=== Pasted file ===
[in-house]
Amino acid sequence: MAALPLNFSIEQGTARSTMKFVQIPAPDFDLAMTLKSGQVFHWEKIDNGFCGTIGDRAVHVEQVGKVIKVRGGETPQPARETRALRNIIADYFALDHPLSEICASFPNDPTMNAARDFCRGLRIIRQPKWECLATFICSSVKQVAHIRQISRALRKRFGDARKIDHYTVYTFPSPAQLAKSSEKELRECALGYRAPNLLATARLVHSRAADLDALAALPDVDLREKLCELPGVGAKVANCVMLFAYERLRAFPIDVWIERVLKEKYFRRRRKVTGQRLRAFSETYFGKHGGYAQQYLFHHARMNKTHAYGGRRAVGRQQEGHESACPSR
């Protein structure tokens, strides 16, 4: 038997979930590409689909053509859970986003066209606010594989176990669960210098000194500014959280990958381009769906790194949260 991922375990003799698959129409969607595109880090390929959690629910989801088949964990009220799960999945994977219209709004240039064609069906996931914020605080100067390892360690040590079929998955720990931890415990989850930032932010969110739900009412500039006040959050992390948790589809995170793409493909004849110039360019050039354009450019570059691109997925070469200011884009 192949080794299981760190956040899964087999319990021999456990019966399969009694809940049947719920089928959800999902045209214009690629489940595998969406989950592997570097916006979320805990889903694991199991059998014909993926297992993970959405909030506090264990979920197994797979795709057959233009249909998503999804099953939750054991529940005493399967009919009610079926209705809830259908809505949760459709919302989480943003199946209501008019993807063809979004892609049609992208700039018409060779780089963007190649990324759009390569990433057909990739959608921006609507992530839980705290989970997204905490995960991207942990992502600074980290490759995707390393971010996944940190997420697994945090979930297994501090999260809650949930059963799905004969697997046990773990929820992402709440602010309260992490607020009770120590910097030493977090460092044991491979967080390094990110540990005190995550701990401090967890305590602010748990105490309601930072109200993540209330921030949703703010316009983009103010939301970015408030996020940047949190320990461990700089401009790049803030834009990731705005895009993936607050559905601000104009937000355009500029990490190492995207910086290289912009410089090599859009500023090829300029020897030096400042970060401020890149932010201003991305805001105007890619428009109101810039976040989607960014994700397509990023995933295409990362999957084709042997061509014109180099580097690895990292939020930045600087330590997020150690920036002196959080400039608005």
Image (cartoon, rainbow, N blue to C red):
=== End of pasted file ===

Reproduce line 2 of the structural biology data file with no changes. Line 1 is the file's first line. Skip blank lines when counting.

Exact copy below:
Amino acid sequence: MAALPLNFSIEQGTARSTMKFVQIPAPDFDLAMTLKSGQVFHWEKIDNGFCGTIGDRAVHVEQVGKVIKVRGGETPQPARETRALRNIIADYFALDHPLSEICASFPNDPTMNAARDFCRGLRIIRQPKWECLATFICSSVKQVAHIRQISRALRKRFGDARKIDHYTVYTFPSPAQLAKSSEKELRECALGYRAPNLLATARLVHSRAADLDALAALPDVDLREKLCELPGVGAKVANCVMLFAYERLRAFPIDVWIERVLKEKYFRRRRKVTGQRLRAFSETYFGKHGGYAQQYLFHHARMNKTHAYGGRRAVGRQQEGHESACPSR